And there was someone standing there in the shadows, near the burning doorway, staring at Nathan.

“Dominic?” Nathan called.

Nathan knew of course that it was not Dominic Blue, the new friend that Nathan had allowed to come live with him, after Dominic’s terrifying debacle in August. This was the same mystifying figure from Nathan’s dream. He knew it. He felt it.

This isn’t real, Nathan thought. This is just an Echo.

Months ago, after Nathan had returned from whatever strange realm he had been sent to, he came back to a home that had been usurped by negative psychic energy that possessed the ability to replicate an observer’s memories and create very lifelike illusions. Nathan referred to this corrosively invasive psychic energy, as an Echo. Three months later, Nathan still had not been able to effectively remove the Echo from the three-bedroom apartment that he and Dominic, and occasionally Russell shared. Recently, the Echo had been quiet, not causing any trouble. Dominic claimed not to have seen any apparitions or illusions in the apartment and neither had Russell.

“Follow me,” the man whispered.

Chills ran through Nathan’s body. He knew immediately that what he was seeing was not an Echo. This was real.


Nathan whirled around. Russell was awake and had turned on the lamp, illuminating Nathan’s bedroom, with soft, safe light.

“Why are you just standin’ there like that?” Russell wondered.

While Russell was aware of the supernatural maladies that regularly plagued Nathan’s life (Russell had experienced some of those supernatural maladies, first-hand), Nathan did not want to scare Russell with any additional paranormal details. Since Russell had no psychic abilities of his own and really had no way of defending himself, against the otherworldly things, it was best that Nathan kept quiet, about what he had just seen.

“I was about to go get some water from the kitchen,” Nathan responded. “You want some?”

Russell rubbed his eyes and yawned. “Naw, I’m good.”


Nathan closed his door, keeping it ajar, so that a sliver of light could shine through into the hallway. For a second, Nathan considered asking Russell if he wanted to come downstairs with him and keep him company, but he chose to let Russell go back to sleep.

Walking down the hallway, Nathan noticed that everything seemed ‘normal’—at least for the time being. There were no undulating lights flashing on the walls, no glowing door at the end of the hall, and no man asking Nathan to follow him. Everything was normal, for now. Nathan passed by Blake’s room, which had now become Dominic’s room. It felt strange for someone else to be sleeping in Blake’s old bedroom, particularly someone Nathan had not known for too long. Dominic kept the door closed when he slept. There was no lock to the door, so Nathan was able to open the door and peer inside the bedroom. Since it was dark, Nathan could not see Dominic sleeping in bed, but he heard him. Nathan closed the door and continued his way down the hallway.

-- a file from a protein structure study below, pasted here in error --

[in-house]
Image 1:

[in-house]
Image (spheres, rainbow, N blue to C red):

Justin’s bedroom was located at the end of the hall, closest to the stairway. Occasionally, Nathan would pass by Justin’s room and check inside, unrealistically expecting Justin to be there, sleeping in the bedroom. Yet, Justin never was there. It had almost been six months, since Nathan last saw or heard from Justin. Nathan knew Justin was alive, but he did not know where he was or if he was safe. Justin was a powerful telekinetic psychic. He was able to move objects and change the very nature of things, with the force of his mind. He could do other things as well. Justin was not aware of the entirety of his own abilities. Nathan, on the other hand, was fully aware of all of Justin’s psychic capabilities. In attempt to keep Justin protected from harm, Nathan had deliberately chosen not to disclose of Justin’s psychic abilities to him.

Before their strange and sudden disappearance, Nathan had unlocked a large portion of Justin’s hidden abilities, so that Justin would be more helpful in their combat against Nathan’s older brother, Caleb. However, in doing so, what Nathan thought was helping Justin, turned out to be disruptive. Now, Justin was probably out there somewhere, with enhanced abilities that he could not control. By now, being the skilled psychic that he was, Nathan figured he would have been able to find Justin now. He had tried several times. He even enlisted the help of another friend with ‘enhanced’ abilities, named Kendra Scott, to aid in his search for Justin. Either Justin did not want to be found, or Justin could not be found.

Nathan walked down the stairs, turning on the light switch at the end of the hall, to help him see his way and to discourage anything that did not belong there from manifesting itself.

Everything was quiet and serene.

Nathan made sure to keep himself alert of everything around him. He did not sense anything unusual, which made him feel somewhat comforted. Nathan turned on a lamp in the living room, as well as the kitchen, eliminating almost any chance for something in the dark to remain unseen. He hated living this way, knowing that his home was also home to something sinister and beyond his control. There had to be a way to banish the Echo entirely, but Nathan had not figured it out yet.